Millions of people are prescribed mu opioid receptor (MOR) agonists such as oxycodone, fentanyl, and morphine for the treatment of malignant and non-malignant moderate to severe pain. Although these drugs are highly effective, they also cause significant side effects such as constipation, sedation, itch, physical dependence, and have the potential for abuse (Ko et al., 2009). Thus, there is a clinical need to identify novel receptor targets for pain relief. In the early 1990's a fourth member of the opioid receptor famil was identified and named the nociceptin/orphanin FQ (NOP), formerly known as the opioid-like receptor 1 (ORL1) (Lambert, 2008). Agonists that bind NOP are capable of producing profound analgesia in non-human primates without the potential for abuse, respiratory depression, or itch. Although the preclinical data supporting the development of these drugs is promising, several important pharmacodynamic characteristics that have limited traditional opioid therapy have not been evaluated. In order to test if the favorable profile of NOP agonist may include other important behavioral effects, this study will investigate the discriminative stimulus, sedating, an constipating effects of NOP agonists in comparison to the current standard of treatment, MOR agonists. To better understand how these drugs produce their effects in the brain, NOP will be imaged in vivo using Positron Emission Tomography (PET). The doses of NOP agonist that produce analgesia, discriminative stimulus effects, sedation, and changes in gastrointestinal transit time, will be correlated with receptor occupancy data to determine: 1) if different behavioral effects are produced with different levels of receptor occupancy and 2) which brain regions display the highest level of receptor binding for a given effect. These studies will lead t a better understanding of the neuroanatomy of pain control as well as provide information on the different brain structures that are involved in producing the behavioral effects of opioids. Finaly, although NOP agonists produce pain relief in preclinical models, their mechanism of action is poorly understood. It is known that classic opioid peptides (e.g. enkephalin) are released in response to pain, and it has been proposed that this serves to feedback on the intensity of painful stimuli (Bencherif et al., 2002). Clinical and preclinical studies have found elevated leves of nociceptin, the endogenous ligand for NOP, in various pain states (Ko et al., 2002 and Rosen et al., 2000). Therefore, using PET we will test if nociceptin is endogenously released in brain regions known to regulate the sensory and affective dimensions of pain in response to noxious stimuli. Understanding the relationship between pain and the endogenous nociceptin system would provide a strong rationale for developing NOP agonists as novel therapeutic agents for analgesia.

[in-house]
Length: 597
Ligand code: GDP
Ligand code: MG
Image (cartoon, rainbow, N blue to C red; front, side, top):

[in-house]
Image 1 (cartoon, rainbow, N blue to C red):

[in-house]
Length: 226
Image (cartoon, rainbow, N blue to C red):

Public Health Relevance

This research proposal will evaluate the NOP receptor, a novel opioid target for the treatment of malignant and non-malignant moderate to severe pain. In contrast to mu opioid receptor (MOR) agonists such as morphine and oxycodone, drugs that activate the NOP receptor produce potent analgesia in non-human primates without the potential for abuse, respiratory depression, or itch. The goals of this project are: 1) to evaluate other clinically relevant pharmacodynamic properties of NOP agonists 2) provide insight into their analgesic mechanism of action. The purpose of this research is to establish a novel drug target for pain control that will have more tolerable side effects, and lead to better patient outcomes.

National Institute of Health (NIH)
Predoctoral Individual National Research Service Award (F31)
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Special Emphasis Panel (ZRG1)
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Babecki, Beth
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University of Michigan Ann Arbor
Schools of Medicine
Ann Arbor
United States
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